Prison inmates sent to front-line fighting between the Burmese army and a rebel faction have been used by the regime's armed forces as human mine sweepers.
Some of the 600 prisoners sent to the border with Thailand suffered serious injuries after they were forced walk ahead of troops across minefields.
One rights group said it amounted to a "crime against humanity". The human mine sweepers had originally been forced into military service and used as porters carrying ammunition, according to three prisoners who escaped and made it to the Thai border town of Mae Sot.
The abuse of the prisoners led to outrage and shock even though Burma's armed forces regularly torture opponents, raze rebel villages and use rape as a weapon of war. "This shouldn't happen in any situation," Bo Kyi, of the Assistance Association for Political Prisoners-Burma, told The Irrawaddy magazine.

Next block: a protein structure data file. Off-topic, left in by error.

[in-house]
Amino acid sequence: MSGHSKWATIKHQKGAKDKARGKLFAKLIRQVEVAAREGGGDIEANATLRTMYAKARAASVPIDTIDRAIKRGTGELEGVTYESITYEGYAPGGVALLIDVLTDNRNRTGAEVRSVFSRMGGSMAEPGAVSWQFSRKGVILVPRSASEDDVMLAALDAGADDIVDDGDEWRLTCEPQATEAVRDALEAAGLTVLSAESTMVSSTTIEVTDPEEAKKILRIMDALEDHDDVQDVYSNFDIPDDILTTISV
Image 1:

"They are, in effect, executing prisoners by other means. It would definitely constitute a crime against humanity."
The three escapers were among 30 inmates from Pakokku Jail sent to a Burmese army camp in the province bordering Mae Sot in December.